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In <em>Falling Upward</em>, Fr. Richard Rohr seeks to help readers understand the tasks of the two halves of life and to show them that those who have fallen, failed, or "gone down" are the only ones who understand "up." Most of us tend to think of the second half of life as largely about getting old, dealing with health issues, and letting go of life, but the whole thesis of this book is exactly the opposite. What looks like falling down can largely be experienced as "falling upward." In fact, it is not a loss but somehow actually a gain, as we have all seen with elders who have come to their fullness. <ul> <li>Explains why the second half of life can and should be full of spiritual richness</li> <li>Offers a new view of how spiritual growth happens?loss is gain</li> <li>Richard. Rohr is a regular contributing writer for Sojourners and Tikkun magazines</li> </ul> <p>This important book explores the counterintuitive message that we grow spiritually much more by doing wrong than by doing right--a fresh way of thinking about spirituality that grows throughout life.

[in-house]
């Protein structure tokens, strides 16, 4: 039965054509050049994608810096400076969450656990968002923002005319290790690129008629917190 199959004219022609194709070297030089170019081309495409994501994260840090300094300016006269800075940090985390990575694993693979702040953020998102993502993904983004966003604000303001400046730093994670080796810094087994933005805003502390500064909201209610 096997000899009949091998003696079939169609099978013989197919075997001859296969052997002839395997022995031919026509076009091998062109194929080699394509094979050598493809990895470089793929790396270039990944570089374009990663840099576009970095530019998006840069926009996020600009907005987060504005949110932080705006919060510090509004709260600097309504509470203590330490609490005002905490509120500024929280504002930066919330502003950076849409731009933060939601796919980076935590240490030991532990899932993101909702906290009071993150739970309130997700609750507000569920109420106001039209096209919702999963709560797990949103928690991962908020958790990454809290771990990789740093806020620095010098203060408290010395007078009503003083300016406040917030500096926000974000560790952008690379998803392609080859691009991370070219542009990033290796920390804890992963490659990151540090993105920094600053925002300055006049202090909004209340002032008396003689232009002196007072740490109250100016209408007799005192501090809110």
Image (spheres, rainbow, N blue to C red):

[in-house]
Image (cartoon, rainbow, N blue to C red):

<span class="h3color"> <strong>Q&A with Author Richard Rohr</strong> </span><br /> <table align="right" bgcolor="#fffff0" cellpadding="2" cellspacing="2"> <tbody> <tr> <td align="center"><img border="0" src="http://g-ecx.images-amazon.com/images/G/01/books/wiley/Rohr.jpg" /></td> </tr> <tr> <td><center><span style="font-size: xx-small;">Author Richard Rohr </span></center></td> </tr> </tbody> </table> <strong>What do you mean by the two halves of life? </strong><br /> The phrase “two halves of life” was first popularized by Carl Jung, the Swiss psychologist. He says that there are two major tasks. In the first half [of life] you've got to find your identity, your significance; you create your ego boundaries, your ego structure, what I call “the creating of the container.” But that's just to get you started. In the second half of life, once you've created your ego structure, you finally have the courage to ask: What is this all for? What am I supposed to do with this? Is it just to protect it, to promote it, to defend it, or is there some deeper purpose? The search for meaning is the task of the second half of life. (This is not always a chronological matter – I've met 11 year-old children in cancer wards who are in the second half of life, and I have met 68 year-old men like me who are still in the first half of life.) <br /><br /> <strong>Why is the “further journey” of the second half of life especially important for people of faith who are seeking a deeper relationship with God? </strong><br /> I think the further journey has to be clarified especially for religious people because for the most part we've pushed off the journey into the next world. We’ve made the teaching of Jesus largely into an evacuation plan for the next world so we don’t have to take this world seriously, this life, this earth, what's happening right here or now. The further journey has to happen in this world. I wrote the book because I want to say the further journey happens in this world and then you're ready for heaven. You're living in heaven now, you're practicing for heaven and so heaven is not even a big change of venue. It's a continuation of what you've already begun to experience. <br /><br /> <strong>What do you mean when you say, “we grow by falling down”? </strong><br /> You know, when I chose the title of <em>Falling Upward</em> I thought that surely there would be six other books with that title. Believe it or not, there weren't. I thought it was a perfect title because it conveys a sense of paradox. The first part of the title (about falling) isn't about what you expect. In fact, most of our concern in the first half of life is about rising, achieving, accomplishing, performing. I tried deliberately to use a somewhat shocking or controversial phrase, implying that there is a necessary falling that comes into every life. It's not like you have to manufacture or create the falling; it will happen. If you can find grace or freedom in and through that falling, you find that it moves you forward, upward, broader, deeper, better—to growth. That’s just the opposite of what you first think when you fall, fail, or lose. <br /><br /> <strong>What is so important about the idea of necessary suffering? Why is it necessary? </strong><br /> The question of why is suffering necessary is probably the greatest and most problematic question in Christian theology. Why is there suffering? How is God good if there's so much suffering on this Earth? There’s no answer that appeals to the rational mind. The answer lies elsewhere; I'm going to therefore start with the psychology. Carl Jung and many others said that suffering is the only thing strong enough to defeat the imperial ego. In other words, when you're in control, in charge, looking good, building your tower of success -- which is what you expect a young person to be doing into their 30s -- you get so addicted to it that you think it's the only game in town. When that game falls apart, it’s because it's largely a self-constructed game, a game at which you can look good, you can succeed, you're building your own kingdom, which is not, in Christian language, what Jesus calls the Kingdom of God, so your little kingdom usually has to fail you. It has to fall apart. It has to, or you'll remain narcissistic, egocentric well into your later years, asking questions like what makes me feel good? What makes me look good? What makes me make money? Many people do. It might feel like success, but no spiritual teacher would agree. First half of life preoccupations won't get you into the great picture, the big picture, which Jesus would call the Reign of God. So, necessary suffering is whatever it takes to make your small self fall apart, so you can experience your big self--maybe what Buddhists would say is your Buddha self. We would say your Christ self, your God self. It doesn't really matter. You can tell people who have passed over from the first to the second half of life, usually you can tell it within the first ten minutes, whether someone is still building their tower of success. And that isn't even wrong; it's just they have something else to experience, and you pray for them and you hope that they will be able to see suffering as a doorway and not an obstacle when it happens. <br /><br /> <strong>What do you think prevents many of us from growing in the second half of life? </strong><br /> If you eliminate necessary suffering in the first half of life and you don't know anything about the second half of life, you won’t know what to do. As a Christian, I would say that's why we largely don't understand Jesus. He's talking from the ultimate perspective of maturity and we're all back here just trying to look good. It doesn't work. <br /><br /> <strong>Right now there's a lot going on in the world. We have a financial crisis in the U.S. We had a natural disaster in Japan, political upheaval in the Middle East. How would you address suffering in regard to those situations? </strong><br /> I can talk about necessary suffering somewhat glibly and theologically, but if I were in Japan right now, I might not be talking about it so easily. Or if I was a rebel in Libya, perhaps I would not be talking about it so glibly. We have to try to talk about it, to give some kind of frame, to give some kind of direction or meaning, but it never satisfies the rational mind. As a Christian, we're the only religion that has a very strange God image: a naked, bleeding, dying man. A naked, bleeding man is not a natural, even rational or even attractive, image of God. It's not an image anybody would have expected, really. It's about as counterintuitive as you can get. And, so, as a Christian, I've got to say: if I am to believe that Jesus is the image of God, then what is Jesus saying about the nature of God? He's saying, “I am in this crucified situation with you.” For those who are suffering, those who can gaze upon the crucified one, it is an unbelievable consolation to the soul. It gives deep meaning to human suffering. At the heart of Christianity is what I call the myth of redemptive suffering. Actually, even though Jesus gave us the myth of redemptive suffering, if I look at most of our history, the myth we've really lived out of is the myth of redemptive violence, that somehow by killing bad people, we were going to redeem the world and make the world safe for democracy or safe for Christianity. Jesus gives no such message. He doesn't inflict suffering on other people. He, as the image of God, participates in the pain of the world, and that's an answer to the soul. I admit, it is not a satisfying answer to the brain. When you're seeing your loved ones suffering, you better be looking at the crucified every hour, and trying to find some meaning for the soul, because the rational mind will rebel (and it probably should). <br /><br /> <strong>What are the qualities of people who have successfully taken the further journey into the second half of their life? </strong><br /> You can recognize a second half of life person is by a kind of inner outpouring, a kind of inner generativity. They're not guarded. They're not overly self-protected. They're looking for ways to give themselves away, because they're now living out of their abundance, and they find that it's an overflowing wealth. I think of a wonderful woman like Maya Angelou. When she talks, you yourself feel grounded because she is. You want to be compassionate because you can feel the compassion in her very voice. You want to have soft eyes, because you see her soft eyes. It almost comes through non verbally, but you especially see her concern about others. So, second half of life people are generative people. They're people who've learned to pay back. They know they've been given to abundantly so now they say, "Okay, I've got enough. In fact, I've been given more than enough, and the only thing that makes sense is to give away this generous grace that has been handed to me when so many people in this world have never experienced it." So in the second half of life, I think you have an increased empathy and sympathy; you know inside how much it hurts to hurt, and so when you see another person hurting, you can feel it and you know, many times, that you can't change it. Most of the time you can't change it, so you want to pray for them. You want to help them if you can. You want to send good energy toward them. You want to give them wisdom that will lead them out of their suffering according to your gift, and we're each gifted in different ways. What you'll never not find in a second half of life person is this universal caring. <br /><br /> I want to emphasize, finally, the word universal. In the first half of life, as Jesus put it, you can only care for your neighbor, those who are your own religion, your own class, your own social group, your own skin color. That means very little by the second half of life. You've learned to see the soul, and once you see the soul, you see it's evenly distributed, and you don't look at externals. They don't mean that much. You know that the wino on the street has just as much a soul as the rich man who's working at the bank. You stop being what we used to call a “respecter of persons.” Of course, that upsets first half of life people, because they think you're not patriotic. Now you see that Mexicans are just like Americans, that Americans aren't any better than Mexicans. Or, as a Catholic, you can’t say anymore that only Catholics are going to heaven. Lots of people who are still in the first half of life will say you're a heretic or disloyal or rebellious or unfaithful, but you are thick skinned enough that those criticisms don't deter you from what you know you have to do, what you know you have to be. You like to make people happy, but you don't need to please them to be happy yourself. A second half of life person knows that happiness comes from within, not from whether other people like you. <br /><br /> <strong>How can people start to look at that second half of their lives? </strong><br /> You can plan for it. As I say at the beginning of the book, you fall into it just like you fall into love. You normally have to fail through some form of transgression or humiliation or defeat (the necessary suffering). Then you can look to some elders, some wiser people in your circle of friends or to a book if you don’t have friends who know how to guide you across the transition and into the second half of life. We're a culture with many elderly people but not a lot of elders. <br /><br /> <strong>How do you hope your book will make a difference in people’s lives? </strong><br /> Well, I guess first of all I hope it’s going to give them courage and some kind of safety in that courage. Most of us have been taught to be afraid of ourselves, afraid of our journey, afraid of our mistakes, our sins. Sin was something you just didn’t do. But I don’t think that’s what the Bible is saying at all. The Bible takes sin for granted. It’s given, even in the Genesis story, where God tells Adam and Eve not to eat the apple. That creates the whole story line. God absolutely knows they’re going to eat the apple. That’s what creates the creative tension and it’s in the eating of the apple and the struggling with the relationship that they come to relationship with God. An awful lot of Christian people live in shame and guilt and enormous lack of self esteem. I knew the great spiritual teacher Henri Nouwen as a personal friend. We were walking once on the streets in Cincinnati and I said to him, “Henri, how would you define what the Church called original sin?” And he said, “Richard, I think original sin is humanity’s endless capacity for self-loathing, or maybe self-doubt.” I think that’s true, but sadly I think we in the world of religion have often contributed to that self-doubt and self-loathing. In that, we haven’t given the world good news at all, but bad news, and you know the world Gospel means good news. So I hope my book is a bit of a gospel. I hope it’s good news. I hope it’s truthful news, not false good news, but good news that really is good and new. <br /></p> <hr class="bucketDivider" size="1" />